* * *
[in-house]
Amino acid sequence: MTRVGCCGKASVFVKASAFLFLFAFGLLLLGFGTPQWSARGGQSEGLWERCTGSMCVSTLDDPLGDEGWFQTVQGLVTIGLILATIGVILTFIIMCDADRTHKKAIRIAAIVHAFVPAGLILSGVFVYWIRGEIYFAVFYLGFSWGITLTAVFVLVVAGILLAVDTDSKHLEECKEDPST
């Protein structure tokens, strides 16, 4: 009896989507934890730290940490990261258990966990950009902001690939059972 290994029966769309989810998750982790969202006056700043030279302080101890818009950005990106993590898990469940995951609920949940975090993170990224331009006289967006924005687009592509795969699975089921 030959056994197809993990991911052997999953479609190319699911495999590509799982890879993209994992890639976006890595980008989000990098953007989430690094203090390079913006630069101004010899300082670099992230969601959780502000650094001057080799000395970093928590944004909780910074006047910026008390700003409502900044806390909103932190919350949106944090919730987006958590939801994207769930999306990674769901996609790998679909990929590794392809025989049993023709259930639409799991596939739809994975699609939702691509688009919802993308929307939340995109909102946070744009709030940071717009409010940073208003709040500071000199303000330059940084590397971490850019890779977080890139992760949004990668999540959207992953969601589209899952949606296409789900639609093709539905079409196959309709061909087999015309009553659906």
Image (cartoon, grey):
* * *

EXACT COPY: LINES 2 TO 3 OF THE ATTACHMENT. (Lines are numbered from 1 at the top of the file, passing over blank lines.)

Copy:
Amino acid sequence: MTRVGCCGKASVFVKASAFLFLFAFGLLLLGFGTPQWSARGGQSEGLWERCTGSMCVSTLDDPLGDEGWFQTVQGLVTIGLILATIGVILTFIIMCDADRTHKKAIRIAAIVHAFVPAGLILSGVFVYWIRGEIYFAVFYLGFSWGITLTAVFVLVVAGILLAVDTDSKHLEECKEDPST
């Protein structure tokens, strides 16, 4: 009896989507934890730290940490990261258990966990950009902001690939059972 290994029966769309989810998750982790969202006056700043030279302080101890818009950005990106993590898990469940995951609920949940975090993170990224331009006289967006924005687009592509795969699975089921 030959056994197809993990991911052997999953479609190319699911495999590509799982890879993209994992890639976006890595980008989000990098953007989430690094203090390079913006630069101004010899300082670099992230969601959780502000650094001057080799000395970093928590944004909780910074006047910026008390700003409502900044806390909103932190919350949106944090919730987006958590939801994207769930999306990674769901996609790998679909990929590794392809025989049993023709259930639409799991596939739809994975699609939702691509688009919802993308929307939340995109909102946070744009709030940071717009409010940073208003709040500071000199303000330059940084590397971490850019890779977080890139992760949004990668999540959207992953969601589209899952949606296409789900639609093709539905079409196959309709061909087999015309009553659906």